Restoration of the Altar of Peace (Ara Pacis)
Ancient Symbol and New Center of Rome

    The transformation of Augustus' monument into a museum is among the many public works planned by the City of Rome for the Jubilee Year 2000.

    Two thousand years ago, the Altar of Peace (Ara Pacis) was a living symbol and the architectural hub of Imperial Rome. After the Spanish and Gallic campaigns, the altar was erected - between 13 and 9 B.C. - to commemorate the reestablishment of peace within the borders of the Roman Empire by (Ceasar) Augustus. The monument consists of two parts: in the center stands the altar proper, while encircling it is a marble panel depicting, in a refined bas relief, "the procession of peace" with such figures as Aeneas, the Earth, Italy and Rome.

    In 1568, in the midst of excavations for the construction of Palazzo Peretti, ten marble fragments of the bas relief were discovered in Lucina, and three and a half centuries later, in 1902, enough important pieces were found in the vicinity to reconstruct what remained of the monument's original frame. With the advent of the 1920s, Il Duce (Benito Mussolini) decided to link the Ara Pacis to fascism, rearranging the entire area in 1937 so that Augustus' Mausoleum occupied the center of the plaza bearing his name. The altar, once a symbol of ancient Rome, became a key rhetorical theme of the regime.

    According to some observers, this is why the Mussolini-inspired square, though lying in the heart of the city, never took on "a life of its own" as a meeting place. The Romans have remained indifferent, and for all its important archaeological treasures, the site is visited only by tourists and the occasional scholar on excursion.

    Today, as part of the solemn Jubilee 2000, this historic center's revival is under way. In view of the numerous public works in the capital, the city has made it a top priority to give back the plaza to its citizens. The idea is to transform the Ara Pacis into a small but well-appointed museum, barring traffic on the stretch alongside Via Ripetta and making the street accessible only to pedestrians, while erecting a marble "wing" that lengthens into the corner of Via Tomacelli facing the two churches adjacent to the monument.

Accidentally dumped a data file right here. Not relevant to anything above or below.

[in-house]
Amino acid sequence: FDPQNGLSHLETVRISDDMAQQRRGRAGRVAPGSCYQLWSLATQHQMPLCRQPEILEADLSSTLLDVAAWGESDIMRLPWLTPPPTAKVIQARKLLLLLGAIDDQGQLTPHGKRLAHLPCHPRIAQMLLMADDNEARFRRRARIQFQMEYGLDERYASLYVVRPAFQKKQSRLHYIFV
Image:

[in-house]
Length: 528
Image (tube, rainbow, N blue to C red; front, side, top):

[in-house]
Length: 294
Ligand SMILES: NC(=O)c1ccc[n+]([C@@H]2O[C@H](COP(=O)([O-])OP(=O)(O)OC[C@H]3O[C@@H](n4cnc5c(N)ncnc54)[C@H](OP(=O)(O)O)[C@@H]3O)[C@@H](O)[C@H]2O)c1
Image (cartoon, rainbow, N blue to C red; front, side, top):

Travertine, glass and plaster are the materials of choice for this project, which will feature a wide gradated entrance, an altar and museum illuminated by the light of day and more than 600 archaeological exhibits. A lower level is expected to serve as an auditorium with a seating capacity of nearly 200. Unchanged, however, will be the Latin inscription on the side of the monument that reads "Res Gestae Augusti."

    Richard Meier, who was introduced this (last) summer in the Campodoglio, is the 61 year-old American architect heading this project. A specialist in museum sites, his credentials are prestigious: building the Getty Center of Los Angeles, planning Barcelona's Museum of Contemporary Art, Frankfurt's Museum of the Arts and the one in Atlanta. In short, he works on both sides of the Atlantic and is so well regarded that the Vatican has entrusted him with the construction of the new church for the Jubilee on the outskirts of Rome, near Tor Tre Teste.

    If the purpose of this refurbishment is to revitalize a vital historic center, then the expected cost of approximately 21 billion dollars will be underwritten by various national and international sposors who want to leave their respective marks on one of the most prominent symbols of Imperial Rome. While the recent proposal will be followed by a definitive agenda within the year (1996), the executive (action) plan must be in place by mid-1997. Therefore, competitive European bids will soon begin on a project that is slated for completion by the end of 1999.

    Fancesco Rutelli (mayor of Rome) appeared satisfied: "Today, a site that has been marginalized and poorly organized is poised for an intelligent, sober and felicitous rebirth in the ancient heart of the city," affirms the mayor. So much for those who say that nothing is ever built in Rome. The day of naysayers is done.

Read this article in Italiano - click here.


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